UN-der wraps: secret report on last days of Sri Lanka civil war
I saw a film this week. It was a tragedy (you’re not the only one who can spoil the endings Niluccio) and has haunted me since. It was a film about a father. A father who used to play his son at tennis. A father who has got a mantle piece rammed with sports trophies and photographs of his son. A father who won’t stop talking about his boy. A father who witnessed his son’s murder on a beach in the last days of the Sri Lankan civil war.
It won’t be playing at a cinema near you. There is a trailer that you can watch here and you can watch the full film, here. No awards for script, costumes, or soundtrack, this story is painfully real and is one of many from the last days of the conflict.
Dr Manoharan is 70 years old. His son, Ragihar was near the beach with some student friends in Trincomalee in 2006, when a grenade was thrown at them. On hearing it, his father rushed down to the shore, where he was held back by Navy guards, who quickly sealed off the area, switching off the streetlights and ordering everyone inside the cordon to kneel or sit.
Moments later, a jeep arrived carrying masked, uniformed Special Task Force (STF) troops. Dr. Manoharan was trying to get through the security cordon when he heard the young men pleading for their lives. He saw the muzzle flashes breaking the darkness and heard the sound of the shots. Many others did, too.
Yet the “other” witnesses, are not now with Dr Manoharan on his crusade around the world appealing to the UN and other governments to demand an independent and full investigation into the atrocities committed in the last days of the war.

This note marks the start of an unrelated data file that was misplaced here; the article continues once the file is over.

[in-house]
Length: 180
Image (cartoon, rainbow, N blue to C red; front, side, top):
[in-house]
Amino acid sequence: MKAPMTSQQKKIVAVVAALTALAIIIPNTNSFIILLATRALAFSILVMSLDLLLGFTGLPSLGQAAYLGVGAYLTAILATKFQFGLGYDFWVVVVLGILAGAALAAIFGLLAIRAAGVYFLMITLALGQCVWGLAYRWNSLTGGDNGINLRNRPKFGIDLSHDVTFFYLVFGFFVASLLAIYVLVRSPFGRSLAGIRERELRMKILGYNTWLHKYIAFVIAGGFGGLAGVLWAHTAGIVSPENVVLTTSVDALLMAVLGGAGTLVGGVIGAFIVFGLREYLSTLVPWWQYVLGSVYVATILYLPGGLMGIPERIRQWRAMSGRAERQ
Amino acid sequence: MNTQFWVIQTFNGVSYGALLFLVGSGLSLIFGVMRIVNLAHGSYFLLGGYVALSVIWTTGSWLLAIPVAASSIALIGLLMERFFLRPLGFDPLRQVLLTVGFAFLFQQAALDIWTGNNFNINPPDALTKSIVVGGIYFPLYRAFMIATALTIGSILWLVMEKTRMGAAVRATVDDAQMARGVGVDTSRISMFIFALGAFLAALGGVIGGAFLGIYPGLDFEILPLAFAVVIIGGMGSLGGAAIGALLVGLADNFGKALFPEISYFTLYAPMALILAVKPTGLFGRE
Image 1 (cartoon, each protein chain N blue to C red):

Subramaniyam Sugridharajan, a Tamil journalist who took photos showing the students’ gunshot wounds, was gunned down on his way to work two weeks later. And Balachandran, a rickshaw driver who helped identify the rickshaw used in the attack, was also abducted and killed.
More threats, intimidation and attempted bribes followed. Stones were thrown at the Manoharan family’s house and their movements monitored. As the threats intensified, he and his wife were forced to suspend their medical practice. Their children stopped attending school. The family finally had to flee Sri Lanka and are now living abroad.
Dr Manoharan’s film is featuring on the Channel Four news website, today. It is hard to watch, but important. Speaking toward the end of the film, he says through a laboured smile: “many times when I played my son at tennis, I am losing. Now I am happy. I am happy that my son won me.”
Amnesty is requesting that the report from the UN panel convened by Ban Ki Moon, is made public, and that this is just the start of a process of investigation. Then Dr Manoharan would have secured a big win for his son. That would be a fitting sequel.
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